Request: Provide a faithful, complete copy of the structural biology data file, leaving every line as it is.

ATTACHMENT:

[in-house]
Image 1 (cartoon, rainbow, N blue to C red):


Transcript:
[in-house]
Image 1 (cartoon, rainbow, N blue to C red):